A Time To Keep Silence

“To everything there is a season, and a time to every purpose under the heavens:… A time to keep silence, and a time to speak.” – Ecclesiastes 3 v 1, 7

There are times in my life which are exceedingly dark. Times when I’ve so selfishly and unrelentingly catered to the flesh and neglected the things of God, that I’m brought to the point of utter misery. Sometimes God gives us what our flesh desires, to show us that it cannot ever satisfy, and eventually it becomes sickening. It was His way in response to the murmuring and weeping of the children of Israel in Numbers 11: “… and Jehovah will give you flesh, and ye shall eat. Not one day shall ye eat, nor two days, not five days, neither ten days, nor twenty days; but for a whole month, until it comes out at your nostrils, and it becomes loathsome unto you; because that ye have despised Jehovah who is among you…” (v 18-20).

A moment of self-examination shows the same ungrateful flesh in me – the flesh which hankers after spiritual Egypt, and despises the spiritual manna. The flesh has no taste for Christ. I have to confess that all too often I’ve murmured inwardly against God’s blessed provisions. In Numbers 11 the culmination of God’s dealings is a righteous judgement of evil, unsparing and final, so that the place came to be called Kibroth-hattaavah, ‘graves of lust’. Thanks be to God that there’s One who is infinitely greater than Moses, making intercession on my behalf, a patron with the Father, Jesus Christ the righteous (1 John 2 v 1) – One Who has borne the wrath I so richly deserve, made propitiation for sins.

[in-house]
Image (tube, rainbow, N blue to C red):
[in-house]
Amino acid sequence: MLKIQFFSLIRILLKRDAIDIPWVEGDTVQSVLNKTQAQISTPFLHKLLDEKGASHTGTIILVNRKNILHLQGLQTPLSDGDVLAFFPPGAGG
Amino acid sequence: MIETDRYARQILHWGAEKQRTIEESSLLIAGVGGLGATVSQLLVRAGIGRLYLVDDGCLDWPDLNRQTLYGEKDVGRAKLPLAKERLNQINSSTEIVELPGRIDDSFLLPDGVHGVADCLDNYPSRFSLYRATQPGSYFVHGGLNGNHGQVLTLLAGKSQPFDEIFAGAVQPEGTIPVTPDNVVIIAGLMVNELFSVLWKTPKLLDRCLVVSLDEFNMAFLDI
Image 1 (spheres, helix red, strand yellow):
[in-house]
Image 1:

Having been brought through one of these dark times of waywardness and neglect, it’s often my first instinct to get on my knees before God, to confess my sins, lament my weakness, beg the Spirit’s help, and to pour out all my misery. A right instinct, I should think, but sometimes it’s “a time to keep silence” in the presence of God. Sometimes He would say, “Enough. Now, you will listen to what I have to say to you.” After a time of distance and turning away, it’s a wonderful relief, having come to myself like the younger son (Luke 15 v 17), and repented, to simply spend a moment at the feet of the Lord and hear what He would teach me about what has happened. There is always a lesson to be learned in these incidents – often a deeply humbling one. Every failure of mine and the consequent discipline is part of my education. The failure is allowed, and the discipline administered, by a God and Father Who loves me far beyond my feeble ability to comprehend.


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